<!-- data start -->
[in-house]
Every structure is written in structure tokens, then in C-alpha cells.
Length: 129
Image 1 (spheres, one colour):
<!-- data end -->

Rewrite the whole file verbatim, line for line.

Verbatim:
[in-house]
Every structure is written in structure tokens, then in C-alpha cells.
Length: 129
Image 1 (spheres, one colour):